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MADRID — Four million foreigners now live in Spain, making up nine percent of the population.
Latest figures showed that of 44.3m people living in Spain, more than four million foreigners had registered with the authorities up to the end of July.
The Spanish national statistics office said between January and July, the foreign population had risen by ten percent, with 375,000 new people registering.
It means that since 1998, the number of foreigners have risen from 1.6 percent of the population, or 0.63m, to nine percent, or 4m, in 2005.
The biggest rise came during the first four months of the year, during a government amnesty for foreign workers which brought almost 700,000 applications for legal status, mainly from Africans and Latin Americans.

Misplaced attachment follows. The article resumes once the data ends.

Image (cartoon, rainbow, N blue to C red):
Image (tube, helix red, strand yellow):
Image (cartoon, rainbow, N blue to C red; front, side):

The government relaxed rules to bring people from the so-called ‘black economy’ to offer them the status of legal workers.
It was designed to make them pay social security and bring extra government revenue.
In terms of nationality, Moroccans are still the biggest group of foreigners (505,400), followed by Ecuadorians (491,800), then Romanians (314,300), Colombians (268,900) and Britons (224,800).
However, it is widely believed at least the same number again of Britons have not registered.
(Posted on September 9, 2005)